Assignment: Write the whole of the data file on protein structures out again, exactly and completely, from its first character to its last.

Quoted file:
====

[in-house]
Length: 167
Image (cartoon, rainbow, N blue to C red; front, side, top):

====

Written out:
[in-house]
Length: 167
Image (cartoon, rainbow, N blue to C red; front, side, top):